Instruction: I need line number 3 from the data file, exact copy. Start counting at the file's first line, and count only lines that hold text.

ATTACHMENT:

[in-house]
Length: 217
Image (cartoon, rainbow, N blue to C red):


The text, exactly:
Image (cartoon, rainbow, N blue to C red):